In July 2021, Canadian low-cost carrier Flair Airlines announced they would launch service between Sanford and five Canadian destinations beginning in winter 2021.

The airport is home to L3 Harris Airline Academy, which underwent several company changes and several name changes. The academy used to be known as L3 Commercial Training Solutions, Aerosim Flight Academy, and Delta Connection Academy, a subsidiary of Delta Air Lines. It provides ab initio flight training for prospective regional airline and international pilots. The Seminole County Sheriff's Office has a hangar and support facility for aviation elements of the agency's Special Operations Division.


The airport covers 3,000 acres (1,214 ha) and has four runways:[1][10]

The dominant runway is 9L/27R. This was built from the naval air station's original Runway 9/27, which was 8,000 ft (2,400 m) x 200 ft (61 m) with overruns of 2,145 ft (654 m) and 1,985 ft (605 m). A project to extended runway 9L/27R by 1,400 ft (430 m) to 11,000 ft (3,400 m) was completed on April 1, 2013. Parallel Runways 9C/27C and 9R/27L were built later, the former on a previous taxiway and the latter all-new, for small aircraft. The airport also has Runway 18/36, another Navy runway, for rare northerly fronts in the winter, but this 6000-ft runway is rarely used by airliners.

On December 31, 2019, there were 326 aircraft based at this airport: 221 single-engine, 53 multi-engine, 48 jet and 4 helicopters.[1]

Airlines and destinations

Allegiant Air Akron/Canton, Albany, Allentown, Appleton, Asheville, Austin, Bangor, Belleville/St. Louis, Bloomington/Normal, Cedar Rapids/Iowa City, Charlotte/Concord, Chattanooga, Chicago/Rockford, Cincinnati, Clarksburg, Columbus–Rickenbacker, Dayton, Des Moines, Elmira, Evansville, Fayetteville/Bentonville, Flint, Fort Wayne, Grand Rapids, Greenville/Spartanburg, Hagerstown, Harrisburg, Huntington, Indianapolis, Kansas City, Key West, Knoxville, Las Vegas, Lexington, Little Rock, Louisville, Memphis, Newburgh, Niagara Falls, Norfolk, Oklahoma City, Omaha, Peoria, Pittsburgh, Plattsburgh, Portsmouth, Provo, Rapid City (begins May 15, 2024),[11] Richmond, Roanoke, Rochester (NY), San Antonio, Sioux Falls, South Bend, Springfield/Branson, Syracuse, Toledo, Tri-Cities (TN), Tulsa
Seasonal: Bismarck, El Paso, Fargo, Grand Forks, Greensboro, McAllen, Minot,[12] Moline/Quad Cities, Nashville, Shreveport, Traverse City, Wichita
Flair Airlines Seasonal: Kitchener/Waterloo, London (ON), Ottawa, Saint John (NB), Toronto–Pearson, Windsor, Winnipeg
Destinations map


Top destinations

Busiest domestic routes from SFB (October 2022 – September 2023)[13]
Rank City Passengers Carriers
1 Pennsylvania Allentown, Pennsylvania 92,000 Allegiant
2 Tennessee Knoxville, Tennessee 79,000 Allegiant
3 North Carolina Asheville, North Carolina 70,000 Allegiant
4 Michigan Grand Rapids, Michigan 55,000 Allegiant
5 Kentucky Cincinnati, Ohio 52,000 Allegiant
6 Michigan Flint, Michigan 39,000 Allegiant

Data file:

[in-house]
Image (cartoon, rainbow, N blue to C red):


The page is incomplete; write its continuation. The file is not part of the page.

7 Pennsylvania Harrisburg, Pennsylvania 39,000 Allegiant
8 Indiana Indianapolis, Indiana 35,000 Allegiant
9 North Carolina Concord, North Carolina 31,000 Allegiant
10 Kentucky Lexington, Kentucky 29,000 Allegiant

Annual traffic

Graphs are unavailable due to technical issues. There is more info on Phabricator and on MediaWiki.org.
Annual passenger traffic at SFB airport. See Wikidata query.
Annual passenger traffic (enplaned + deplaned) at SFB, 1995-present[4]
Year Passengers Year Passengers Year Passengers Year Passengers
2000 1,086,635 2010 1,165,435 2020 1,545,041
2001 1,222,391 2011 1,577,307 2021 2,396,108
2002 1,263,662 2012 1,815,729 2022 2,801,478
2003 1,253,862 2013 2,032,680 2023 2,941,456
2004 1,834,315 2014 2,184,701
1995 48,186 2005 1,649,237 2015 2,480,122
1996 669,576 2006 1,645,989 2016 2,752,410
1997 1,044,496 2007 1,780,495 2017 2,922,446
1998 1,198,803 2008 1,837,247 2018 3,094,487
1999 939,962 2009 1,702,412 2019 3,291,112

Accidents and incidents


  1. ^ a b c FAA Airport Form 5010 for SFB PDF, effective December 30, 2021.
  2. ^ "Statistical Data for SFB". flysfb.com. Retrieved February 5, 2024.
  3. ^ "Orlando Sanford Airport, Florida". vymaps.com.
  4. ^ a b "Orlando Sanford International Airport - Annual Passenger Counts". Retrieved June 12, 2016.
  5. ^ Abandoned & Little-Known Airfields: Florida, Daytona Beach area. Members.tripod.com (March 15, 1944). Retrieved on 2013-07-23.
  6. ^ Ben Mutzabaugh, USA TODAY (October 22, 2014). "Icelandair to switch airports in Orlando". USA TODAY.
  7. ^ "Interjet adds two US routes; one each to Orlando and Las Vegas". anna.aero. PPS Publications. April 29, 2016. Retrieved November 6, 2020.
  8. ^ Liu, Jim (May 18, 2018). "Interjet Orlando service changes from June 2018". Routes Online. Informa PLC. Retrieved November 6, 2020.
  9. ^ "TUI TO FLY HOLIDAYMAKERS TO 'ORLANDO' AIRPORT THAT'S 70 MILES AWAY FROM THE CITY". www.independent.co.uk/travel/. The Independent. November 5, 2019. Archived from the original on May 24, 2022. Retrieved November 5, 2019.
  10. ^ "SFB airport data at skyvector.com". skyvector.com. Retrieved September 8, 2022.
  11. ^ "ALLEGIANT ANNOUNCES TWELVE NEW ROUTES WITH ONE-WAY FARES AS LOW AS $49*". PRNewsWire. November 16, 2023. Retrieved November 16, 2023.
  12. ^ "Allegiant Announces New Route To Florida From Minot". Kfyr.tv.
  13. ^ "Transtats". Retrieved August 25, 2023.
  14. ^ Jet With 147 Passengers On Board Makes Emergency Landing – Boston News Story – WCVB Boston Archived September 30, 2007, at the Wayback Machine
  15. ^ "Allegiant Jet Moved After Emergency Landing". WESH. May 30, 2012. Archived from the original on February 3, 2009. Retrieved June 3, 2015.
  16. ^ "Aircraft Accident Final Report". National Transportation Safety Board. March 29, 2007. Retrieved August 4, 2023.
  17. ^ Blank, Dennis; Newman, Maria (July 10, 2007). "Small Plane Crash in Florida Kills 5". The New York Times. Retrieved August 4, 2023.
  18. ^ Bierman, Noah (July 11, 2007). "Investigators sift through rubble of Florida plane crash". McClatchy. Retrieved August 4, 2023.
  19. ^ a b "Aircraft Accident Summary Report" (PDF). National Transportation Safety Board. July 10, 2007. Retrieved August 4, 2023.

Media related to Orlando Sanford International Airport at Wikimedia Commons